Fig and chestnut trees are reborn by surprise on the edge of the volcano

The top of a fig tree rises above the ashes. / M. NOGALES/IPNA-CSIC

Plant specimens, located less than 200 meters from the Tajogaite crater, sprout before the incredulous gaze of biologists

Carmen Delia Aranda

The team of biologists carrying out the
monitoring of the impact on biodiversity of the volcanic eruption of Cumbre Vieja continues to be surprised. “It is amazing to have lived through this whole process and it has made me change my way of thinking quite a bit,” explains the biologist at the Institute of Natural Products and Agrobiology (IPNA) and coordinator of the Higher Center for Scientific Research (CSIC) in the Canary Islands, Manuel Nogales.

The last reason for astonishment has been to verify that to the prodigious resistance of Canarian pines to volcanic phenomena is added that of other
two plant species that are sprouting on the edges of the volcano; the
fig treeswhose trunks have been literally buried by ash, and the
chestnut trees. «We have been surprised to see how chestnut and fig trees near the crater have managed to survive. This quality has to do with its condition of
woody species. They are, without counting the Canarian pine, the species that have escaped the best", explains the scientist who, after the end of the eruption, travels to La Palma every month to dedicate a week to field work to
monitoring of the evolution of the most affected biodiversity by the volcano

«
We keep doing the same thing we did in full eruption although, at that time, as the lavas were occupying the land, we were retracting the observation sites," explains Nogales.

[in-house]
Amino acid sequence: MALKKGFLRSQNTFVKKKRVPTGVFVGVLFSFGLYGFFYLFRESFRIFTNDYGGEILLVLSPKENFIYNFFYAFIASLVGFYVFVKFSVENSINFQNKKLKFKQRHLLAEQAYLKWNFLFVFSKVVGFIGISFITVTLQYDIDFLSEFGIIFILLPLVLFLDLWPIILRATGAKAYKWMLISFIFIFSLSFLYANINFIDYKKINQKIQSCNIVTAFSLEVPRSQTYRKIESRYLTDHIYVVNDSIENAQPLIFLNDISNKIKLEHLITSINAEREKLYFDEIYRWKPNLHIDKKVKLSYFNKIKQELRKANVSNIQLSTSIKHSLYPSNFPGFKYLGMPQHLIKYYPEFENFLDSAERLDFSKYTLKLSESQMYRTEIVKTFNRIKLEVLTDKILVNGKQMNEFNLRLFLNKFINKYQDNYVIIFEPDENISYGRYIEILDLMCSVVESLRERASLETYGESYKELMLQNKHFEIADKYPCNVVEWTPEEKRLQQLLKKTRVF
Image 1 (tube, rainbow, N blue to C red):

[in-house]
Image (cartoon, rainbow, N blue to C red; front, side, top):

Field work

The task consists of observing the changes in the state of the vegetation and the invertebrates that have resisted in the vicinity of the volcano, although
the fauna disappeared from the beginning of the eruptionespecially lizards and birds, indicates the biologist.

“We monitor monthly and, in the case of invertebrates, every two months. We also monitor the bats every six months," says the scientist who explores the first strip of land closest to the rim of the crater and the lava flows in search of plant and animal life.

"In that area,
except the chestnut and fig trees, everything has disappeared», comments the biologist who calculates that in the first kilometer closest to the volcano, the thickness of the ashes is at least one and a half meters. «
Small plants, such as amagantes or heather, are completely covered and have not managed to survive", Explain.

Not all the pines that sprouted next to the volcano will survive

As for the fauna, the lizards still do not appear there. "They haven't finished recovering. In that kilometer closest to the volcano we can count the lizards that we have seen with the fingers of one hand », abounds the expert who identifies reptiles and bushes as the most affected species in the vicinity of the volcano.

The birds begin to make short forays in this strip and have been seen
chaffinches, canaries or rock pigeonsyes, says Nogales. Regarding the invertebrates, "the largest, the grasshoppers, and those that live linked to dead wood have endured," explains the biologist.

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